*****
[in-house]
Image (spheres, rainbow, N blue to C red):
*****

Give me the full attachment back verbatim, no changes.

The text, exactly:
[in-house]
Image (spheres, rainbow, N blue to C red):